MU Women’s and Children’s Hospital uses music therapy to help improve patients’ health.
“Music hath charms to soothe the savage breast, to soften rocks, or bend a knotted oak,” William Congreve penned in 1697.In modern times, doctors at Columbia’s MU Women’s and Children’s Hospital have also found that music works as therapy for patients.
Music therapy is a young field, and the music therapy program at MU Women’s and Children’s Hospital has only been in practice for about eight years. Still, doctors have already seen this therapy improve hospital patients’ health.
Emily Pivovarnik, a licensed music therapist at the hospital, says: “Music therapy can reach anyone, from a premature infant all the way up to someone in hospice care. The appropriateness depends on the needs.”
Emily says that music therapy has helped patients with nausea relief, relaxation, pain management, and reduced trauma during hospitalization.
Though music therapy helps patients of various ages, it’s most often used to help children.
Emily says, for kids, this is “really great because [music therapy] is non-invasive. We’re not making them do anything that hurts or is hard for them to do.”
During music therapy sessions, patients are encouraged to sing, play an instrument, or write lyrics. When unwillingness to participate is a problem, Emily works to make her patients feel more comfortable or to abate their fears. This means a music therapy session may take anywhere from 15 minutes to an hour.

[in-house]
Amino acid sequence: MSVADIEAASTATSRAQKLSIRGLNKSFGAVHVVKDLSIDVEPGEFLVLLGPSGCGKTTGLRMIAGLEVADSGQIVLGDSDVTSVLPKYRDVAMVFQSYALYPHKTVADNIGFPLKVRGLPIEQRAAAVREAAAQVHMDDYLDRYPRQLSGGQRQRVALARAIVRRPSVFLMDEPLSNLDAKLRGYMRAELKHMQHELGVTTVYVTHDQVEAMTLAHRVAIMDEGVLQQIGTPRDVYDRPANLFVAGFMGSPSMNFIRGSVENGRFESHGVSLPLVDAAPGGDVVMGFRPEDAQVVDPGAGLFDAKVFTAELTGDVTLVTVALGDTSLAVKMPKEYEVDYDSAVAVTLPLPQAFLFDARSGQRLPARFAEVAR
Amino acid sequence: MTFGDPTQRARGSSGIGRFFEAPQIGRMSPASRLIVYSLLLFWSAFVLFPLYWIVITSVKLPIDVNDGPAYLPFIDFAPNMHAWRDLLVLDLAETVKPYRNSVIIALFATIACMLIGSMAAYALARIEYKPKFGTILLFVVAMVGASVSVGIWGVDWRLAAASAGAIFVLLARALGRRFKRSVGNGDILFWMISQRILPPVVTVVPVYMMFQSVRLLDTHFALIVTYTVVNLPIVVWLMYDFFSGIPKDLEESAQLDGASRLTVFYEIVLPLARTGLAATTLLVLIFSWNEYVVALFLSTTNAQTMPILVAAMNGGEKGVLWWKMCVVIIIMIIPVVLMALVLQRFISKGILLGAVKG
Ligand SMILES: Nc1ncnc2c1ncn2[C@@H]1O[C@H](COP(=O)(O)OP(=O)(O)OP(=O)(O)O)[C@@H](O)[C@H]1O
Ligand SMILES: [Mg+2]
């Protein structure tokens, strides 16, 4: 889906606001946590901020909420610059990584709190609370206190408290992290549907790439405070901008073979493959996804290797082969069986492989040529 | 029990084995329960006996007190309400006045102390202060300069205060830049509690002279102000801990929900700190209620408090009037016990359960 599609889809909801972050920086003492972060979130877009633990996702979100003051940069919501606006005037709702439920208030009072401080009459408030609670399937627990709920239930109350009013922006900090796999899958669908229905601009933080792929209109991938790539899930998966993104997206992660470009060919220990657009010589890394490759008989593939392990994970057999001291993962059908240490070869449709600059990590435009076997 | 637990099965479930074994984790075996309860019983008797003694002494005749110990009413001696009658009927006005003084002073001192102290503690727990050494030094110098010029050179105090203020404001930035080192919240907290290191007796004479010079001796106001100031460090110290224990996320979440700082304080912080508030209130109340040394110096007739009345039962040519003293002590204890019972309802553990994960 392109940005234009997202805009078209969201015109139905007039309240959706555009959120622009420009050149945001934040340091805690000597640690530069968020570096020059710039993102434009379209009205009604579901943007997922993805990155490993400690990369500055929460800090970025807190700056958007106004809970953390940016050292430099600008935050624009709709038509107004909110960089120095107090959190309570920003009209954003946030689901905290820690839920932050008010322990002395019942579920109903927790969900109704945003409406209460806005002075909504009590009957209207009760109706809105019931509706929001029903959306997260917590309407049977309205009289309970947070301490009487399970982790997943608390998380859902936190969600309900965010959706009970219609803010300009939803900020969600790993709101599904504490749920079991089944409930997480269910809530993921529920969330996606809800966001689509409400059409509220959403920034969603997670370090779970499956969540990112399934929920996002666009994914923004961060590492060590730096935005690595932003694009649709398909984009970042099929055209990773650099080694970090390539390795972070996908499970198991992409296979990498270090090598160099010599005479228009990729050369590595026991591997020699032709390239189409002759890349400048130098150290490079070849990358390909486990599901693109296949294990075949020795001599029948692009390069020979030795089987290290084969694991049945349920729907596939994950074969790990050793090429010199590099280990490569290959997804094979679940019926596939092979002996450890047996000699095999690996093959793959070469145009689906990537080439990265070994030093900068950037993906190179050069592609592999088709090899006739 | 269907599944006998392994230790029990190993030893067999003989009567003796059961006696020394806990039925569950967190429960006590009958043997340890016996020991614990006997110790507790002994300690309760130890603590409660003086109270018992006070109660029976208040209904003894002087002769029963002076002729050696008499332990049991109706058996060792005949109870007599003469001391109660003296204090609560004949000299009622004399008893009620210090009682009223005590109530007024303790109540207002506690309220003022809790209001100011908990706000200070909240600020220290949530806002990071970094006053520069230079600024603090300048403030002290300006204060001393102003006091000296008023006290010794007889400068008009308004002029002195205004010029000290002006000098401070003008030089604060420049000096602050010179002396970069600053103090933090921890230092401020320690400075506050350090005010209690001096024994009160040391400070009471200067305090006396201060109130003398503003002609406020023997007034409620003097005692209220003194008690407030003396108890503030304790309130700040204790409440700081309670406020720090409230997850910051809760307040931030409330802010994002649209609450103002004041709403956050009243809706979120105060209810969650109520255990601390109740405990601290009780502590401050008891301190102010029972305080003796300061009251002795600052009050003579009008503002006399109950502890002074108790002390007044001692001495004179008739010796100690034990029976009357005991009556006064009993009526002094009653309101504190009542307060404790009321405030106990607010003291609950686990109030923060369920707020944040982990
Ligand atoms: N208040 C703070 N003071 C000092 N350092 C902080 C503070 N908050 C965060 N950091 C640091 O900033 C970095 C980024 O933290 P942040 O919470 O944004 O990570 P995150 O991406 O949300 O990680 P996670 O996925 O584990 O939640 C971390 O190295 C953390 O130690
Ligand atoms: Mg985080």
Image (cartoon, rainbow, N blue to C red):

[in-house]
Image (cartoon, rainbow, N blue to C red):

The individuality, personality, and medical issues of the patient are also considered when Emily approaches a music therapy session.
“We’re always using patient-preferred music,” Emily says. “If the goal of the patient is to decrease stress or relax, I’m not going to push them. But if I’m teaching them a song on how to tie their shoe, I may push them. It really depends on the situation.”
In addition to destressing, one of the goals in music therapy is to teach the patients skills that help them deal with their current situation, whatever that might be. In the hospital, “kids are fearful — this is a different environment for them, [and] parents may not be with them,” Emily says. “They’ve lost control, they don’t know what’s going on, and they can’t go to school.”
However, through music therapy, patients can regain a significant form of control and stability.
“We’re teaching them a coping skill they can use throughout hospitalization and use outside of the hospital,” Emily says.
Sometimes, Emily’s dedication to helping her patients even leads to a patient discovering a newfound talent. She has already seen patients who are motivated enough to continue learning music once they leave the hospital.
Though patients in music therapy have seen some wonderful improvements, Emily emphasizes that music therapy is not a perfect cure. Sad experiences can happen in a hospital, but by being there to help her patients with music therapy, she’s improving their lives.
“I would never walk into a patient’s room and say I have the magic cure, but we have seen positive influences in patients,” she says. “Even the soothing [music] is great for our kids or babies who are here and are really stressed out. We [work] to get kids up and moving.”
Emily believes that the foundational goal behind the hospital’s music therapy program is “to help out the kids and to make their hospital experiences are as good as possible, despite the circumstances.”